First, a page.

According to official government figures, inflation in Türkiye (that’s the newly approved way to spell Turkey in Turkey) is currently running at more than 83% and, earlier this month, experts at the Inflation Research Group, an independent group of economists and academics that tracks actual inflation in Turkey on an hourly, daily, weekly and monthly basis, calculated that the real rate of Turkish inflation is 186.7%. This is the background against which the government is planning to introduce a central bank digital currency (CBDC). It will be integrated with Turkey’s digital identity system and the Central Bank of the Republic of Turkey’s (CBRT) FAST instant payments service. The assimilation is the next step in the Central Bank Digital Turkish Lira Research and Development Project. The republic’s Directorate of Presidential Strategy and Budget recently announced the plans in the Presidential Annual Programme for 2023, stating that a “blockchain-based central bank digital currency will be put into practice”. The Central Bank launched the first phase of the CBDC project in September 2021. At that time, the plan called for “limited closed-circuit testing of a prototype digital Turkish lira network prior to advanced phases of the pilot study that will reflect broader participation”. It seems the next phase is now in hand. The CBRT was one of 26 participating central banks from Asia, Africa, the Middle East and South and Central America that contributed to the BIS (Bank For International Settlements) ‘CBDCs in Emerging Market Economies’ report that was published in April this year. It outlined the main objectives, challenges and implications for the issuance of a central bank digital currency for each of the countries involved. The goal is to provide “a cash-like digital means of payment” to help increase private digital payment services and support financial inclusion. The BIS report says: “Achieving greater payment system efficiency is at the heart of EME (emerging market economy) central banks’ motivations. EME central banks also place great emphasis on financial inclusion and are concerned about cybersecurity risks, potential bank disintermediation and cross-border spillovers.” Quite what this will mean to the general population of Turkey remains to be seen. In the meantime, 90% of the population is very worried about how to make ends meet. Turkey’s minimum wage rate rose recently but roaring inflation instantly more than cancelled out the increase, and the price of ekmek (bread) rises daily, and sometimes even twice a day. (Finally, apologies for the alphabet soup you had to wade through when reading the above. If you think telco reports are wordy and overstuffed with acronyms and initials, banks and the finance industry are at least as bad and frequently worse.)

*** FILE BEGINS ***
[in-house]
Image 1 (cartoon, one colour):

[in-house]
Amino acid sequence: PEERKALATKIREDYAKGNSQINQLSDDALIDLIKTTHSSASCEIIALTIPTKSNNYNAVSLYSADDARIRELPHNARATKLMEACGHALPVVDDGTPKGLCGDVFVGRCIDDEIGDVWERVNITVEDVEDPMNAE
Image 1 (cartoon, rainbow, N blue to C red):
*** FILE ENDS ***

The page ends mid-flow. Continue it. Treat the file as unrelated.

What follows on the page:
- The staff, TelecomTV​​​​​​​